Of men

Glamour (South Africa) - - Men - What de­fines ‘al­co­holism’?

… lots of group pho­tos? DO It gives me a sense of who she sur­rounds her­self with .................................... 39% DON’T How am I sup­posed to fig­ure out which one is her? ..................................... 61%

… and shots of her do­ing the duck face? DO It’s hot! ....................... 8% DON’T Why do girls do that? ............................. 92%

What’s your num­ber-one pet peeve when read­ing a woman’s pro­file? Pho­tos that don’t show what she looks like ................... 30% Mis­spellings and bad gram­mar .......................... 28% Neg­a­tiv­ity (“I’m so tired of all the jerks”) ................... 17% Generic de­scrip­tions (“I want a guy who makes me laugh”) ......................... 11% Lengthy an­swers .............. 8%

When you’re se­ri­ous about some­one, you… Put my on­line dat­ing ac­counts on hold, but don’t delete them ...................... 72% Delete my ac­counts ....... 18% Keep them ac­tive – it’s harm­less ........................... 10%

Do you feel like you have a bet­ter chance of meet­ing a woman on­line than in real life? Yes ...................................... 43% On­line is harder! ............ 13% I’m un­de­cided ................. 44%

Why so many yeses? 39% Of men say that “It’s hard to ap­proach women in per­son.”

there’s a list I keep on my hard drive: “Things I’ve re­gret­ted do­ing while drunk.” I’ve bro­ken five iphones and dam­aged two friend­ships. Once, I woke up from a black­out naked and in a van, with an un­known man on top of me. The ther­a­pist I be­gan see­ing af­ter that asked if I had an al­co­hol prob­lem. “How much did you drink?” she asked. “Three or four vodka so­das?” I shrugged. What­ever I’d had wasn’t wildly out of sync with what every­one else was drink­ing. “But you could buy a pent­house for that money!” she said.

No, I couldn’t. I rarely paid for my drinks. Al­co­hol was ev­ery­where, from first dates to work events. In fact, the al­co­hol I had bought was gath­er­ing dust on top of my fridge. My ther­a­pist said she couldn’t see me un­less I joined a 12-step pro­gramme. So I left ther­apy and, over the next four years, my re­grets list got longer. I saw more ther­a­pists, all of whom also sug­gested I try a 12-step pro­gramme. Each time, the de­ci­sion was easy: quit ther­apy, keep drink­ing.

Un­til I was 28, and I showed up drunk to a date. We talked and or­dered pizza. I was two slices in when he said it wasn’t good. He was right, but I lashed out at him, call­ing him ridicu­lous for com­plain­ing. I stormed away, hop­ing that he’d fol­low me. He didn’t.

next three years, I oc­ca­sion­ally went to meet­ings, but my pro­gramme spon­sor didn’t like that I still went to bars with friends, even if I only or­dered a soft drink. So I stopped go­ing to meet­ings and went to happy hours in­stead. There I felt guilty af­ter one drink, and that led to a screw-it-all men­tal­ity that sent me back to the bar. Iron­i­cally, labelling my­self an al­co­holic made me stop try­ing to cut back. What was the point? I’d have to give it all up even­tu­ally.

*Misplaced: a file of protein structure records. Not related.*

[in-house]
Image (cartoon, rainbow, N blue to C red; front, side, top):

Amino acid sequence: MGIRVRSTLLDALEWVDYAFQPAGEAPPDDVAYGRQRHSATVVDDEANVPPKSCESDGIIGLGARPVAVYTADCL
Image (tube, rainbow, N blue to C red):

Then I started see­ing a new ther­a­pist. “I guess I’m an al­co­holic, right?” I asked. “Maybe,” she said. From the birth of AA un­til the ’90s, al­co­holism was seen as a se­vere and pro­gres­sive dis­ease that re­quired ab­sti­nence to man­age. But at the start of the 21st cen­tury, re­searchers found that al­co­hol de­pen­dence ac­tu­ally ex­ists on a spec­trum that runs from mild to se­vere. “Some­one who can’t make it through the day with­out drink­ing is dif­fer­ent from some­one who bingedrinks at par­ties, who is dif­fer­ent from some­one who drinks a glass of wine a night,” says Pro­fes­sor Mary Ellen

and a lot of soul search­ing. My new ther­a­pist sug­gested I try mod­er­a­tion – one drink at week­end events, none dur­ing the week – as we un­tan­gled my emo­tions. I hoped th­ese more sober habits would make my en­tire life fall into place: I’d never pro­cras­ti­nate at work! No more fights with friends! But I still found my­self do­ing those things – only now, I couldn’t blame al­co­hol; I had to ex­am­ine the deeper anx­i­eties that fu­elled th­ese ac­tions. It was tough.

One tech­nique for deal­ing with al­co­hol is­sues in­volves hav­ing pa­tients eval­u­ate their drink­ing habits by do­ing a cost-ben­e­fit anal­y­sis, says psy­chol­o­gist Pro­fes­sor Car­rie Wilkens. “Write down how you think al­co­hol helps your life,” she ex­plains. “Then list how it im­pedes you. Ask your­self: what pulls you back to drink­ing even though the con­se­quences up­set you? Un­der­stand­ing th­ese ‘ben­e­fits’ can show you what you need to change about your­self or your life in or­der to be less re­liant on al­co­hol.”

When I tried this, I dis­cov­ered that in my early 20s, I saw my drink­ing as help­ing more than harm­ing me. It made me fun – and of­ten went un­no­ticed. But as I got older, things started to shift. For one, the van in­ci­dent had se­ri­ously shaken my sense of safety. My friends started set­tling into re­la­tion­ships and stopped hit­ting happy hours ev­ery evening. Phys­i­cally and psy­cho­log­i­cally, I was no longer able to bounce back eas­ily from a night out. And mount­ing anx­i­eties in my per­sonal life meant that when I did get drunk, I be­came weepy and para­noid. Fun? Not so much. I needed help.

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